A local government in the Philippines has passed a resolution to introduce ‘LGBT desks’ at police stations all over the country. According to a local news report, the desks will handle all cases of harassment and hate crimes that the Filipino LGBT community faces.
Realising the absence of government mechanism to monitor incidents of discrimination and violence in the LGBT community, the Quezon city councillor stated in the resolution,
“LGBT members are becoming targets of discrimination and violence which affect their economic, social, and physiological well-being.”
Though the Philippines is staunchly Catholic, the country is ranked as one of the most gay-friendly nations in Asia. The country’s national police force is also legally required to ensure the gender neutrality of its operations from the recruitment and selection to the promotion and deployment of police officers. Last year, the government passed an anti-discrimination bill that protected the rights of the LGBT community. In this year’s pride march in the capital Manila, Christian groups put up a banner apologizing for the way they have treated the community.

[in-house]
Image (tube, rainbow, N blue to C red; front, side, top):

With the LGBT community in India also more visible than ever, cases of extortion and violence are on the rise. Earlier this year, a transgender woman was killed and three others were injured after a mob suspected them of abducting children for sex trafficking. The murder of Ayush Nautiyal also brought focus on the harassment and extortion the community faces on dating apps, which are meant to be safe spaces. Many of the incidents go unreported because of the fear that they’ll be charged under Section 377 of the Indian Penal Code.
As Arif Jafar, a gay rights activist in Lucknow, pointed out to DW,
“When the police themselves are perpetrating the violence and using the law as a pretext to blackmail, rape and extort money, then how can you approach the same system to make a complaint?”